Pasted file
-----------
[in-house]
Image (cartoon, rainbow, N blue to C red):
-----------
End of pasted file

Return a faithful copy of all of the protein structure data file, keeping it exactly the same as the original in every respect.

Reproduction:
[in-house]
Image (cartoon, rainbow, N blue to C red):